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In Review > North America

Slow Dusk & Markheim 

NEW YORK CITY
The Little Opera Theatre of New York
12/11/14

Since the earliest stages of his career, Carlisle Floyd’s primary focus has been on the composition of opera. He has created eleven operas, most famously his Susannah. Listeners recently had the welcome chance to hear two of Floyd’s one-act operas, courtesy of The Little Opera Theatre of New York in a ten-performance run. The production, featuring newly created reduced orchestrations, ran in Manhattan’s 59E59 Theatre from December 5 through 14 (seen Dec. 11).

Dating from 1949, Slow Dusk is Carlisle Floyd’s first opera. The composer used his own short story, A Lengthening Shadow, as the basis of his libretto. As a work, Slow Dusk feels truncated, more like the first act to a larger opera than a complete drama. That said, it has very strong moments. Particular praise was merited by the love scene of Sadie and Micah, here beautifully rendered by soprano Caroline Castells and tenor John Kaneklides, and by Sadie’s scene of mourning following Micah’s death. Castells showed great versatility in her transition from the sweet innocence of young love through the depths of grief, loss and all-too-early maturity. Kaneklides was the very picture of youthful optimism and potential. Janice Meyerson and Robert Balonek offered solid performances in the supporting roles of Aunt Sue and Jess.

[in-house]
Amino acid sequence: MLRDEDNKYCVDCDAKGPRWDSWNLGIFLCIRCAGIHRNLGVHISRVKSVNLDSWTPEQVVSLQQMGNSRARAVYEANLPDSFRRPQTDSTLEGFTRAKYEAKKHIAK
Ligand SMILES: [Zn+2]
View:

Markheim, dating from 1966, is much more satisfying as a complete dramatic entity. Floyd based this work on the Robert Louis Stevenson short story of the same name, taking some understandable liberties with details of its initial premises. It is a dark Victorian tale of murder and the supernatural. Baritone Tyler Putnam gave a superb performance in the title role, alternately self-serving, malevolent and tragic. Markheim is something of a tour de force for baritone, and Putnam proved more than up to the task. He was strongly assisted by tenor Brent Reilly Turner as the nasty, misanthropic shopkeeper, Josiah Creach, and by tenor Matthew Tuell as the mysterious, sinister Stranger who offers Markheim the means of escaping capture for committing murder. Soprano Angelina Mannino was convincing in the minor role of Tess, Creach’s housekeeper.

Philip Shneidman’s direction was simple but elegant in both works. Richard Cordova maintained excellent balance between the orchestra and singers, and led the music with eloquence, despite some horrendous intonation problems in the orchestra, which here was separated onto either side of the stage. 

This was a lovely evening of American opera and a celebration of Carlisle Floyd’s music — a rewarding and ambitious offering from The Little Opera Theatre of New York. spacer 

ARLO McKINNON

 

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